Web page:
Here is my favorite story from my first-ever visit to Seattle: When The Pioneers (a band of semi-corrupt white guys) arrived at the part of The Sound (my friend Yoshiko tells me only tourists call the big body of water to the west “the ocean”) that is now Seattle, they settled on the only unoccupied flat of land, not thinking that perhaps there was a reason it was unoccupied, and not being familiar with the concept of tides.

Some time and many potholes later, they realized their new city/tide flat was basically a giant marsh. I don’t know enough about plumbing to properly explain the problems that resulted when they tried to flush their newly invented toilets, but suffice it to say that they had to put them on six-foot-tall platforms if they didn’t want a sewage geyser every time the tide came in.

Semi-conveniently, the city then proceeded to burn to the ground. Great opportunity to re-grade and rebuild, right? City officials thought so, but local business owners (who would have had to pay for the ten-year project) did not. So the business owners rebuilt at sea level, and the city rebuilt the public portions of the town anywhere from eight to 35 feet up. Seriously. City streets were eight to 35 feet above the sidewalk. Citizens had to climb ladders to get to where they parked their horse. That is, if their horse hadn’t slipped and plummeted while they went into the general store to buy chewing tobacco or whatever people bought at the turn of the century.

Some more time and many cliff deaths later, the business owners agreed to put in new, street level sidewalks above the old ones, turning all the town’s first stories into basements.

Now you can tour the underground city—Jamie warned me that it was essentially a walk through a giant, damp basement, but I happen to love giant, damp basements. I loved the mossy bricks and antique smell. I loved standing beneath the dirty purple glass skylight and watching passersby cast shadows on the present-day sidewalk. I loved hearing how civic incompetence and stubbornness were carried to such a ridiculous extreme as to make a little prolonged construction on Santa Monica Blvd. seem positively civilized.

I even loved the tour itself: A girl who claimed to be named Penny (she was far too young for that to be her real name) kicked off the tour in a bar decorated with red velvet curtains and framed portraits of the city’s founders. She made bad puns and lots of derogatory jokes about Tacoma. Then she broke us into thirds and sent my group with a gray-haired, Birkenstocked woman who didn’t seem nearly as comfortable with puns and insults as Penny did, but she gave it a valiant try anyway.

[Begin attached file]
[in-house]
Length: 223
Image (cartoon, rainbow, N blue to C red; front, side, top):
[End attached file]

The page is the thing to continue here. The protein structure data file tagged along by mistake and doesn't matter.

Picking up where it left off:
The museum portion of the tour featured sepia photos with irreverent, opinionated captions. A shot of a bunch of men in suits and hats gathered around a saloon piano helpfully said, “This is not a gay bar. Women did not frequent taverns at the time.” The tour featured several prostitution-related anecdotes, and the gift shop at the end of the trail sold pasties and panties. It all had a vaguely vaudevillian feel, to the point where I wasn’t even sure that the above story was true. And I didn’t really care. I loved feeling like a 19th century museumgoer, lured into a dark, shabby freak show by the promise of some “scientific” wonder, the Fiji mermaid or the missing link.

Monday, July 11, 2005

more on chick lit

A well reasoned voice to add to the mix:,0,5274075.story. My spinning head is now ready to move on to other topics.

Sunday, July 10, 2005

martini glasses and bellybuttons

Yesterday I went to a panel at Skylight Books called “Beyond Chick-Lit” featuring several writers who, as David Kipen put it on KCRW, “have never written a book with a pink cover”: Meghan Daum, Janet Fitch, Kate Gale, Leslie Schwartz, Susan Straight and one of my favorites, Nina Revoyr. Actually, the paperback version of Susan’s novel Highwire Moon does depict a girl’s semi-bare, toned abs, a weird choice (not Susan’s, I’m sure) considering that the 15-year-old protagonist is pregnant throughout most of the book.

Usually I skip any panel related to publishing and marketing. The news is inevitably depressing. As long as you know better than to decorate your manuscript with stickers, a certain amount of ignorance is bliss. I also cringe when people stand up and plug their own writing projects in the guise of questions. I too have delusions of discovery, but I am so clever and subtle that hardly anyone even knows I write.

But yesterday’s topic seemed important, and since I’m a few months away (knock on wood) from finishing a novel about such marketable subject matter as lesbians and mining towns, I thought I might pick up a few tips.